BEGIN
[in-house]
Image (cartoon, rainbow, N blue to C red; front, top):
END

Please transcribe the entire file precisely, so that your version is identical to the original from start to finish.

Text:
[in-house]
Image (cartoon, rainbow, N blue to C red; front, top):